Wolves, Coyotes, and Dogs

Introduction

Gray wolves, domestic dogs, and coyotes are in the family Canidae and are found throughout the United States. It is common for people to misidentify gray wolves, dogs, and coyotes as one another. However, they have key physical and behavioral differences. This page offers tools to assist with identification as well as provide general information about these species.

Species Summary

Coyotes

Species: Canis latrans

Subspecies: 19

Weight: 20 – 50 lbs

Length: 2.5 – 3.5 feet (nose to tail)

Height: 23 – 26 inches (at the shoulder)

Diet: Omnivore

Lifespan: 6 – 14 years in the wild; up to 20 in captivity

Habitat: Plains, forests, mountains, deserts, and urban areas

Current Distribution: Throughout North and South America

Status: Least Concern

Gray Wolves

Species: Canis lupus

Subspecies: 4 to over 30

Weight: 70 – 120 lbs 

Length: 4 – 6.5 feet (nose to tail)

Height: 26 – 38 inches (at the shoulder)

Diet: Carnivore

Lifespan: 6 – 8 years in the wild; 14 – 16 in captivity

Habitat: Arctic tundra, coastal areas, prairies, forests, plains, and deserts

Current distribution: Sporadic distribution throughout the northern hemisphere

Status: Least Concern

Domestic Dogs 

Species: Canis lupus familiaris

Breeds: Over 350

Weight: 3 – 180 lbs

Length: 0.5 – 6.5 feet (nose to tail)

Height: 6 – 36 inches (at the shoulder)

Diet: Omnivore

Lifespan: 6 – 20 years depending on the breed

Habitat: All environment types except the Antarctic

Current distribution:  Found worldwide anywhere humans reside

Status: Not Threatened

Geographic Distribution in North America

Coyotes

Coyotes are widespread and abundant. They are found throughout North America. Coyotes are also often found in urban areas throughout North America. In urban areas, coyotes tend to reside in wooded areas to avoid humans.  

Gray Wolves

Originally, gray wolves were found all throughout North America. However, due to habitat loss and human-wolf conflict, their habitat has been significantly reduced. Currently, in North America, the gray wolf is only found in Canada, Alaska, and isolated areas in the continental United States.

Domestic Dogs

Domestic dogs are widespread and abundant. They are found throughout North America in areas where humans live. Feral domestic dogs are also found in North America and often inhabit areas where humans are present.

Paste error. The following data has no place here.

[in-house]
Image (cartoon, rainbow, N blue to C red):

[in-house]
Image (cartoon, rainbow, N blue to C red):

Physical Description (Morphology)

Height

(at the shoulder)

Coyote

23-26 inches

Gray Wolf

26-38 inches

Alaskan Malamute

22-26 inches

German Shepherd

22-26 inches

Length

(nose to tail)

2.5-3.6 feet

4.0-6.5 feet

4.0-6.5 feet

4.0-6.5 feet

Weight

20-50 pounds

70-120 pounds

70-95 pounds

50-90 pounds

Head

Narrow and pointed with a narrow muzzle

Large and wedge-shaped with a broad muzzle

Broad and wedge-shaped with a bulky muzzle

Large and wedge-shaped

Facial Markings

Blended

Blended

Distinctive mask with widow’s peak

Darker coloration around ears and muzzle without distinctive mask

Nose

Black

Black

Black or brown

Black

Eyes

Yellow

Yellow, Amber, Brown, or Green

Yellow to Brown

Dark Brown

Ears

Tall and pointed, furred inside

Short and rounded, heavily furred inside

Triangular and slightly rounded, furred inside

Long and slightly pointed, not furred inside

Fur

Long and dense

Long and dense

Long and dense

Medium length and less dense

Coloration

Grayish brown to yellowish gray on the back; face, and legs are reddish-brown

White, reddish, brownish, grayish, and black; with no sharp changes in coloration

White underbody, with the back being gray, black, or reddish

Solid black or black and tan; Sometimes tan, goldish, or white

Tail

Droops behind the body

Trails behind the body

Curls onto back

Set low on the body

Paws

2.4 -3.1 inches long, front paws bigger than back paws

4 – 5.5 inches long, front paws bigger than back paws, angled outward, well furred

2 – 3.5 inches long, angled forward, well furred

2 – 3.5 inches long, angled forward, not well furred

Social Structure

Coyotes